The company faces many legal challenges, including an allegation that Clearview AI violated the Illinois Biometric Information Privacy Act (BIPA), which “requires companies that collect, capture, or obtain an Illinois resident’s biometric identifier — such as a fingerprint, faceprint, or iris scan — to first notify that individual and obtain their written consent.” The ACLU alleges that Clearview AI, by creating a database of millions of Illinoisan’s biometric data without their consent, has violated BIPA and infringed upon the privacy rights of millions. The suit also alleges that the company does not maintain sufficient security personnel or infrastructure necessary to protect the sensitive data they collect. They point to the fact that “over the course of only two months, Clearview’s secret internal client list was leaked to an online news organization,” in addition to an internal server error which exposed sensitive company source code data.
Given the potential civil rights abuses, the likelihood of increased racial discrimination by law enforcement, and the link between widespread use of FRT and the suppression of First Amendment demonstrations, Clearview has also caught the attention of Congress. In April of this year, a bipartisan bill was introduced which would prevent law enforcement and intelligence agencies from buying scraped data from Clearview AI. Entitled the “Fourth Amendment is Not for Sale Act,” the bill would require US investigative agencies to get a warrant in order to obtain data from data brokers like Clearview AI. It also “seeks to shut loopholes that allow intelligence agencies to obtain metadata on Americans’ calls, emails, and texts” sent to individuals outside the US without a FISA Court review. It is backed by civil rights and liberties groups such as the ACLU, Electronic Frontier Foundation, and the NAACP.
While the future of this bill is uncertain, it has garnered bipartisan approval and is supported by twenty senators. “Doing business online doesn’t amount to giving the government permission to track your every movement or rifle through the most personal details of your life,” said Senator Ron Wyden. “There’s no reason information scavenged by data brokers should be treated differently than the same data held by your phone company or email provider. This bill closes that legal loophole and ensures that the government can’t use its credit card to end-run the Fourth Amendment.” The House version of the bill is expected to be introduced sometime in the near future.
 Kashmir Hill, The Secretive Company That Might End Privacy as We Know It, N.Y. Times (Updated Feb. 10, 2020), www.nytimes.com/2020/01/18/technology/clearview-privacy-facial-recognition.html.
 Alfred Ng & Steve Musil, Clearview AI hit with cease-and-desist from Google, Facebook over facial recognition collection, CNET (Feb. 5, 2020, 6:10 PM), www.cnet.com/news/clearview-ai-hit-with-cease-and-desist-from-google-over-facial-recognition-collection/.
 Logan McDonald, Ryan Mac, & Caroline Haskins, Apple Just Disabled Clearview AI’s iPhone App For Breaking Its Rules On Distribution, Buzzfeed News (updated Feb. 28, 2020, 4:25 PM), www.buzzfeednews.com/article/loganmcdonald/apple-clearview-app-violates-tos-supension.
 Ng & Musil, supra note 6.
 Ryan Mac, Caroline Haskins, and Logan McDonald, Clearview’s Facial Recognition App Has Been Used By The Justice Department, ICE, Macy’s, Walmart, And The NBA, Buzzfeed News (Feb. 27, 2020, 11:37 PM), www.buzzfeednews.com/article/ryanmac/clearview-ai-fbi-ice-global-law-enforcement.
 Id. The source apparently wished to remain anonymous for fear of retaliation. Id.
 Id. The documents even revealed that the technology had allegedly been utilized within the White House. Id. When questioned, the White House declined to confirm; however, the documents showed that a single user performed six searches in September 2019. Id.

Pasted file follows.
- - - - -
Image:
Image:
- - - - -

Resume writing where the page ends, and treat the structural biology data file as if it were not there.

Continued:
Kim Lyons, ICE just signed a contract with facial recognition company Clearview AI, The Verge (updated Aug. 14, 2020, 3:19 PM), www.theverge.com/2020/8/14/21368930/clearview-ai-ice-contract-privacy-immigration.
 Id. See also Drew Harwell, FBI, ICE find state driver’s license photos are a gold mine for facial-recognition searches, Wash. Post (July 7, 2019, 2:54 PM), www.washingtonpost.com/technology/2019/07/07/fbi-ice-find-state-drivers-license-photos-are-gold-mine-facial-recognition-searches/.
 Hill, supra note 1.
 Lyons, supra note 16.
 Alex Najibi, Racial Discrimination in Face Recognition Technology, Harv. U. Grad. Sch. Arts and Scis. (Oct. 24, 2020), sitn.hms.harvard.edu/flash/2020/racial-discrimination-in-face-recognition-technology/.
 See id.
 Kaleigh Rogers, What Constant Surveillance Does to Your Brain, Vice (Nov. 14, 2018, 7:00 AM), www.vice.com/en/article/pa5d9g/what-constant-surveillance-does-to-your-brain.
 Katelyn Ringrose and Divya Ramjee, ARTICLE: Watch Where You Walk: Law Enforcement Surveillance and Protester Privacy, 11 Cal. L. Rev. Online 349, 364 (Sept. 2020), www.californialawreview.org/law-enforcement-surveillance-protester-privacy/. These behavioral changes include protestors wearing sunglasses and painting their faces to avoid detection by FRT. Id.
 Nathan Munn, How Mass Surveillance Harms Societies and Individuals – and What You Can Do About It, CJFE (Nov. 8, 2016), www.cjfe.org/how_mass_surveillance_harms_societies_and_individuals_and_what_you_can_do_about_it.
 Barton Gellman and Sam Adler-Bell, The Disparate Impact of Surveillance, The Century Found. (Dec. 21, 2017), tcf.org/content/report/disparate-impact-surveillance/?agreed=1.
 ACLU v. Clearview AI, ACLU (May 27, 2020), www.aclu.org/cases/aclu-v-clearview-ai.
 Complaint at 19, ACLU v. Clearview AI, (Ill. Cir. Ct. 2020) (No. 2020 CH 04353).
 Id. at 20.
 Id. See also Zach Whittaker, Security Lapse Exposed Clearview Source Code, TechCrunch (April 16, 2020, 1:54 PM), techcrunch.com/2020/04/16/clearview-source-code-lapse/.
Kris Holt, Senators want to block government agencies from buying Clearview AI data, Yahoo! Finance (Apr. 21, 2021), finance.yahoo.com/news/senate-bill-clearview-ai-data-ban-185931094.html. See Fourth Amendment Is Not For Sale Act, S. 1265, 117th Cong. (2021) (available at www.wyden.senate.gov/imo/media/doc/The%20Fourth%20Amendment%20Is%20Not%20For%20Sale%20Act%20of%202021%20Bill%20Text.pdf).
 USA: Senators introduce Fourth Amendment is Not For Sale Act, DataGuidance (Apr. 22, 2021), www.dataguidance.com/news/usa-senators-introduce-fourth-amendment-not-sale-act.
 Holt, supra note 34.